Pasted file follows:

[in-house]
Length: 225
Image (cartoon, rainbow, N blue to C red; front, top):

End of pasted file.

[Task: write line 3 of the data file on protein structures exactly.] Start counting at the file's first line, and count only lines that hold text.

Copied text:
Image (cartoon, rainbow, N blue to C red; front, top):